BARCELONA – Multidisciplinarity has become a popular buzzword, maybe nowhere more so than in the scientific world. But combining knowledge from different disciplines might sound nice and full of potential, yet it is a rather difficult endeavor. How are scientific achievements best transformed into innovative or socioeconomic value and how can overqualified scientists turn their knowledge into careers?
The multidisciplinary approach has potential answers for these significant issues which developed in our new age because it breaches the rules of a zero-sum game when applied correctly.
“When we aggregate fields of knowledge, you get some effects that go beyond the combination of the numbers,” Gabriel Silberman, the Israeli director-general of the Barcelona Institute of Science and Technology (BIST) claims. “Once you bring together several disciplines, you can evaluate many more aspects of a particular problem.”
The main contribution of incorporating a multidisciplinary approach is not only to tackle problems that have proven to be unsolvable by conventional means, but to expand the frontiers of science.
Expanding the frontiers of science is not only a cliché of sci-fi movies or a clever catch-phrase to get access to research funding, but key to preparing society for an unpredictable, challenging future.
The only way to solve the complexity of problems we encounter today and prepare us for those of the future is to do exactly that: invest in groundbreaking technology and hard sciences, and then expand the scientific horizon and knowledge by combining them.
“Our mission is to give scientists the tools to succeed in whatever course they take,” Silberman maintains. “The amount of knowledge they hold and their potential is immeasurable. We are talking about fantastic talent that at times find themselves stuck, without becoming productive to their ecosystem.”
SILBERMAN’S OWN trajectory is a model of this vision. Born in Chile, he immigrated to Israel in 1970. He began his studies at Technion-Israel Institute of Technology in Chemical engineering, but upon taking a programming class, he redirected his studies to computer science, later to pursue a PhD in the United States.
In the 1990s, he joined IBM and landed in a sister-group of the Deep Blue Project, the first chess-playing computer developed by the company, which defeated the Russian chess grandmaster Garry Kasparov in one of the games of a six-game match (Kasparov eventually defeated Deep Blue by a 4-2 score). A year later, Deep Blue won the six-game rematch, becoming the first computer to defeat a chess world champion.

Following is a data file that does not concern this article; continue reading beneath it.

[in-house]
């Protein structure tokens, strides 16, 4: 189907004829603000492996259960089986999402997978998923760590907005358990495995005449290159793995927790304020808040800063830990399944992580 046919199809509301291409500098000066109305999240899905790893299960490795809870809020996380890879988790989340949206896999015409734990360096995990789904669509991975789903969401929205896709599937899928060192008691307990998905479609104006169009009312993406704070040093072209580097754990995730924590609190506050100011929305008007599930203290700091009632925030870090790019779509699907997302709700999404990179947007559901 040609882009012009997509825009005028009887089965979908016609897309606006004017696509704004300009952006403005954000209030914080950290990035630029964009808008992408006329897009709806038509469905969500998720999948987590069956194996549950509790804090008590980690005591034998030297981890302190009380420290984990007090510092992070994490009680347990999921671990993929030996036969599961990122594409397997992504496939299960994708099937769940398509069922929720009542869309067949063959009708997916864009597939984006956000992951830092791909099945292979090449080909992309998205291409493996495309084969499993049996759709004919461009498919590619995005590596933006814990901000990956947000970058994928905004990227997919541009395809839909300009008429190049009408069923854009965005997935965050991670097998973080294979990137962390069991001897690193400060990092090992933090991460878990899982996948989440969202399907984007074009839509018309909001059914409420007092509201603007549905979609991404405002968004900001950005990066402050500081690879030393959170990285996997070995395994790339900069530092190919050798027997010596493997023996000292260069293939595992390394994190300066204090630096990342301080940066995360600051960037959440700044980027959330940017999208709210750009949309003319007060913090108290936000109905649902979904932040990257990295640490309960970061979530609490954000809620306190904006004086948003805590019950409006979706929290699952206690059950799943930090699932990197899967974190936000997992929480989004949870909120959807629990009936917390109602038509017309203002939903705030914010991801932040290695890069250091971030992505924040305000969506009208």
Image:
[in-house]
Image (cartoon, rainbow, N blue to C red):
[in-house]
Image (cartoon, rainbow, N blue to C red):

“Chess falls into the category of a very complex problem, the possibilities are numerous,” Silberman told The Jerusalem Post. “On the one hand, the rules are clear. On the other hand, it’s extremely hard to anticipate what each move can lead to. It’s a classical computer problem.”
Today, Silberman heads the institute, which brings together seven of Catalonia’s research centers to build new scientific collaborations and foster multidisciplinary projects. Genomic regulation, nanotechnology and high energy physics are some of the fields that are combined under the institute’s umbrella.
The development of a retinal prostheses from graphene – a single-layer carbon sheet, developed as a result of a collaboration among BIST institutes – is an example of such vision. The device can stimulate the neurons in the retina that take impulses to the brain through electrodes to prevent ocular degeneration. It is a result of medical technology, material science, photonics and computer engineering – among other fields – that together produced a solution to solve a problem from which more than 200 million people worldwide suffer.
The standards for measuring productivity in science, however, are different than market-based ones. Scientific observations, development and eventual discoveries take not only expertise and investment, but a considerable amount of time. Results, which may not seem practical at first, are potential stepping stones to understanding natural phenomena and comprehending the world.
Albert Einstein’s Theory of General Relativity, for example, seemed to offer little potential for experimental tests in the beginning due to its difficult mathematical concepts, which only a handful of people understood at the time. The theory provided a description of gravity as a geometric property of space-time based on theoretical results and empirical findings, which fifty years later became – with the help of new mathematical techniques – central to physics. Without that first ignition, instruments such as electron microscopes and satellite-based technology would be foreign to our reality.
Tackling complex problems requires different approaches, and multidisciplinarity offers a solution. But bringing together people who have been trained to approach problems from different angles also expose another common problem: the lack of a common language. Given the level of specialization of the highly defined fields of knowledge within the scientific world, finding a “common language” to set the work in motion, to discuss ideas and to provide and receive meaningful feedback, is challenge on its own.
The encounter, however, has not only been encouraged, but must be done. The complexity of our environments and the challenges expected in the future does not afford single-minded, mono-discipline approaches.
“When smart people are brought together and think together, everything can happen,” Silberman says. “Scientific institutes must encourage this encounter to happen, for the benefit of society.”
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